In Table 1 a summary of some of the main components of all 13 wines that were measured at the beginning and the end of the trail can be seen. The total oxygen consumption was a little bit higher in those wines to which no SO2 was added. Losses in glutathione (GSH), free SO2 and total SO2, was much higher in the wines to which SO2 was added. The formation of oxidised GSH, was lower in the wines that received SO2, probably due to the latter compound removing the oxygen before it could decrease the GSH. However, the total hydroxycinnamic acid concentrations (sum of caftaric, fertaric, coumaric acids etc.), were lower in the wines that did not receive any SO2 after fermentation, as these compounds are substrates for oxidation in wines. Increases in brown and yellow colours (420 and 440 nm) were also higher in the wines that did not receive any SO2, as expected. This is probably due to the bleaching effect of SO2 on brown quinones.

It is clear that oxygen consumption in white wines does not follow a strict set of rules and can be influenced by a number of different factors. SO2 is clearly playing a large role in rapidly reducing oxygen levels in wines. Oxygen levels in white wines with higher levels of SO2 and copper will therefore probably decrease faster. It is well known in the wine industry that around 1 mg/ℓ oxygen reacts with about 4 mg/ℓ SO2. This would mean that if a wine contains about 3 mg/ℓ O2, about 12 mg/ℓ SO2 will be removed from the wine. A study by Van der Merwe in 2013 have shown oxygen levels to range from 0.7 mg/ℓ to 7.5 mg/ℓ in South African white wines after bottling. This should be kept in mind by the producer on deciding possible ageing potential of his or her white wine.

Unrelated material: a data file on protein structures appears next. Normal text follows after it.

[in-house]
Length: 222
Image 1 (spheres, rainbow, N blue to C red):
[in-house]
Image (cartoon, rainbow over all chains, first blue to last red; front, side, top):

Acknowledgements

Winetech and THRIP for funding this project and the cellars that donated wines.

References

Du Toit, W.J., Marais, J., Pretorius, I.S. & Du Toit, M., 2006. Oxygen in must and wine: A review. South African Journal of Enology and Viticulture 27, 76 – 94.

Fracassetti, D., Coetzee, C., Vanzo, A., Ballabio, D. & Du Toit, W.J., 2013. Oxygen consumption in South African Sauvignon blanc wines: Role of glutathione, sulphur dioxide and certain phenolics. South African Journal of Enology and Viticulture 34(2): 156 – 169.

Van der Merwe, H. Management of oxygen during bottling. WineLand, July 2013.

For further information contact Wessel du Toit at wdutoit@sun.ac.za.